La Habana Vieja (Old Havana) is the oldest neighborhood and the city center of Havana, Cuba. Old Havana and its fortifications are a UNESCO World Heritage site.
La Habana Vieja was first established in 1519 by the Spanish on the Bay of Havana. Cuba has seen some drastic political changes over the centuries. In contrast, Havana and especially the neighborhood of Old Havana have remained frozen in time. Most notably are the baroque and neo-classical buildings and the 1950s cars. What a visual feast for a photographer, a video maker and any visitor!
There was no way I could make a comprehensive video about La Habana Vieja in just one minute. I tried to create a mixture of some of the famous sights and some images that spoke to me personally. Depending on which video my Patreon supporters vote for, there may be a longer video about La Habana Vieja this month. If you want to participate in the vote, please support me on Patreon.com/LuciWest. You’ll get other rewards as well…
Major sights in this video (in order of appearance):
Castillo del Morro Castle and Lighthouse (seen from our balcony)
La Cabaña Fortress (seen from La Habana Vieja)
Castillo de la Real Fuerza
Basilica Menor de San Francisco de Asis on Plaza de San Francisco
Catedral de San Cristobal
Plaza Vieja (seen from inside Factoria Plaza Vieja, Cervezas y Maltas)
Hotel Ambos Mundos (Hemingway Hotel) on Calle Obispo
Plaza de Armas (where I got the Obama poster for my birthday)
La Floridita (where Hemingway and us had delicious daiquiris)
La Bodeguita del Medio (where Hemingway hung out, but we didn’t)
Payret Cinema and Capitolio
Most of the images in this video about La Habana Vieja, I shot on my birthday while Scott and I roamed Old Havana. It was the best way to spend a birthday: filming and photographing the perfect location of my dreams. The subjects that get me most excited are abandoned-looking buildings, places with strong history, classic cars, street art, city life and its people and colors contrasting with grey. All this was in abundance in La Habana Vieja. The only other subject that I feel strongly about is nature, which I got to film a few days later on the Caribbean coast.
Walking around capturing a yet unexplored place with Scott and every once in a while dip in somewhere to have a bite or get another cold beer (bring your own koozies) was the best way to spend my birthday. Wonder where we will go next year…
For anyone traveling to Havana, Cuba, in the future, I cannot recommend enough Mary and Juan Carlos’ apartment Vistalmorro. The 2-bedroom apartment with a balcony overlooking the Havana Bay, Malecón and the Morro Lighthouse, is a bit pricier than your average Casa Particular (private room or hostel). But I believe it is well worth it. The apartment is in walking distance of everything you might need or want in Old Havana. And the luxury and functionality of the apartment provides an excellent break from the heat, noise and visual over-stimulation of the old city. I wrote a more detailed review on Airbnb. By the way, they’re not paying me to write this. 😉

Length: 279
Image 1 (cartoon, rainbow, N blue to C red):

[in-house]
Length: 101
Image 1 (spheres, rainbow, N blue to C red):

I also didn’t get paid by the Hotel Ambos Mundos (aka The Hemingway Hotel), where we stayed our last night in Havana. Still, I’ll probably publish a video about that hotel in the near future.
Other videos I plan to publish in the coming weeks and months:
Vedado and Plaza de la Revolución
Havana Street Art
Classic Cars of Cuba
Classic Car Ride through Havana
Havana at Night (the post will include a few tips for restaurants and bars)
Other Cuba videos already online:
A few Havana travel tips:
While you don’t get the sense you have to worry about pick-pockets, the “danger” of the hustlers is a real nuisance and can cost you quite a bit of money. They may convince you to buy discounted cigars or pressure you into purchasing baby formula for an unseen baby. Yes, we too fell for hustlers during our first hours there. Cubans are super friendly, welcoming and open – but some of them hustle with such an insight into human psychology and elaborate schemes. It’s hard to be unfriendly or suspicious when people are so helpful and nice and pull all the stops to convince you that you are not being hustled. My advice is to remain friendly but be firm that you don’t need cigars, rum or directions to anywhere. Sometimes you just have to walk away and ignore the “Lady, lady, lady!” being yelled after you. And I recommend taking it in stride when you do realize you’ve been hustled. After all, you did just help a person who has bigger financial troubles than you.
The other tip is specifically for travelers with only US bank accounts and credit cards. Your American credit cards and ATM cards do not work in Cuba as of this writing. Bring more US dollars than you had budgeted. Just tuck them away somewhere safe and convert them to CUC in case you run out of money for whatever reason. There is no other way for you to acquire additional money while in Cuba. Fortunately, we brought just about enough, but it did get a little tight.
Ah, there is so much more I could tell you. But this post is long enough. If you have any questions, please don’t hesitate to write in the comment section here or on any of my social media pages.
The photo above (and second to last shot in the video) is of the buildings that were the backdrop for a “Fast and Furious” shoot. This annoyed me a bit because I couldn’t get to film them myself (road blocked). But I did get some dramatic footage of the “Fast and Furious” camera helicopter flying by them – and then we returned another day for the shot used in this video.
The song in the video is “El Pescador” by Bruno Bassi of Los Hermanos, which I discovered via the royalty-free music website GoSoundtrack.com. Their collection is available via a Creative Commons Attribution 4.0 International license.